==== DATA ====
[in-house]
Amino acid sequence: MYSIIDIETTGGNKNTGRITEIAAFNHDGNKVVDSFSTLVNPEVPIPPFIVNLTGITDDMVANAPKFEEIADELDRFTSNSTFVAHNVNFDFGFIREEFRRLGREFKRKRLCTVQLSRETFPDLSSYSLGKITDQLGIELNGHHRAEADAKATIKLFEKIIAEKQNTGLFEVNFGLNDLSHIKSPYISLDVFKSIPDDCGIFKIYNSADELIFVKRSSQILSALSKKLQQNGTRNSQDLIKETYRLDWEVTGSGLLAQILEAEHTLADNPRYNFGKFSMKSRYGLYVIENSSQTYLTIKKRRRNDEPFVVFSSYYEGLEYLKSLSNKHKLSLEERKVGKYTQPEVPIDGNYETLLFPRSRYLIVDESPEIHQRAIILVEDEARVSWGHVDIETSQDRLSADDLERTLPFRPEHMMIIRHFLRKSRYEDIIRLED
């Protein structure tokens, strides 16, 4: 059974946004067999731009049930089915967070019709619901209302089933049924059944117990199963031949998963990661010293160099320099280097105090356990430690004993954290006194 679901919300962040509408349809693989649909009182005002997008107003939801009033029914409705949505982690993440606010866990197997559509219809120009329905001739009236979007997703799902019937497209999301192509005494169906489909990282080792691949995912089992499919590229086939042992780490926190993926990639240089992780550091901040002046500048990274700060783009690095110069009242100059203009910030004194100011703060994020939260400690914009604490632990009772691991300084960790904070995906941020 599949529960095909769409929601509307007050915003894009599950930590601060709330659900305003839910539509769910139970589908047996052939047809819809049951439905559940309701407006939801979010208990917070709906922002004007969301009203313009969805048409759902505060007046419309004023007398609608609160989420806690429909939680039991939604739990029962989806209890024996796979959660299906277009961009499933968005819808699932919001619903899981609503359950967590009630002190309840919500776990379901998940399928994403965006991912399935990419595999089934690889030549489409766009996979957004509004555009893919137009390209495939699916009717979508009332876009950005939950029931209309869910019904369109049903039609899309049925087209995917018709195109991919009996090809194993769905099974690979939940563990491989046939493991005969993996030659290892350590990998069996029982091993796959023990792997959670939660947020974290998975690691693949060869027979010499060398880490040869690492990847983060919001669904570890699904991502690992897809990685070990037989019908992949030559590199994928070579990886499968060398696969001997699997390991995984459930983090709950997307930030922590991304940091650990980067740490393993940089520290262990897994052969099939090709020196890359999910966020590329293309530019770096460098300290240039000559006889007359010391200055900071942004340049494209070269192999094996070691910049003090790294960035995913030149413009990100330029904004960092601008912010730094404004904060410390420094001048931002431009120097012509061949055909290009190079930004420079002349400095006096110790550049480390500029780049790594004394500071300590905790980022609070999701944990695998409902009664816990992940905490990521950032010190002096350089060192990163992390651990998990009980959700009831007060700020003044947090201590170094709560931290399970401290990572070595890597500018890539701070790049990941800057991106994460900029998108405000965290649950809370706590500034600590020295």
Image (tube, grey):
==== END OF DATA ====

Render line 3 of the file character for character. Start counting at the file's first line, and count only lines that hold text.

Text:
């Protein structure tokens, strides 16, 4: 059974946004067999731009049930089915967070019709619901209302089933049924059944117990199963031949998963990661010293160099320099280097105090356990430690004993954290006194 679901919300962040509408349809693989649909009182005002997008107003939801009033029914409705949505982690993440606010866990197997559509219809120009329905001739009236979007997703799902019937497209999301192509005494169906489909990282080792691949995912089992499919590229086939042992780490926190993926990639240089992780550091901040002046500048990274700060783009690095110069009242100059203009910030004194100011703060994020939260400690914009604490632990009772691991300084960790904070995906941020 599949529960095909769409929601509307007050915003894009599950930590601060709330659900305003839910539509769910139970589908047996052939047809819809049951439905559940309701407006939801979010208990917070709906922002004007969301009203313009969805048409759902505060007046419309004023007398609608609160989420806690429909939680039991939604739990029962989806209890024996796979959660299906277009961009499933968005819808699932919001619903899981609503359950967590009630002190309840919500776990379901998940399928994403965006991912399935990419595999089934690889030549489409766009996979957004509004555009893919137009390209495939699916009717979508009332876009950005939950029931209309869910019904369109049903039609899309049925087209995917018709195109991919009996090809194993769905099974690979939940563990491989046939493991005969993996030659290892350590990998069996029982091993796959023990792997959670939660947020974290998975690691693949060869027979010499060398880490040869690492990847983060919001669904570890699904991502690992897809990685070990037989019908992949030559590199994928070579990886499968060398696969001997699997390991995984459930983090709950997307930030922590991304940091650990980067740490393993940089520290262990897994052969099939090709020196890359999910966020590329293309530019770096460098300290240039000559006889007359010391200055900071942004340049494209070269192999094996070691910049003090790294960035995913030149413009990100330029904004960092601008912010730094404004904060410390420094001048931002431009120097012509061949055909290009190079930004420079002349400095006096110790550049480390500029780049790594004394500071300590905790980022609070999701944990695998409902009664816990992940905490990521950032010190002096350089060192990163992390651990998990009980959700009831007060700020003044947090201590170094709560931290399970401290990572070595890597500018890539701070790049990941800057991106994460900029998108405000965290649950809370706590500034600590020295």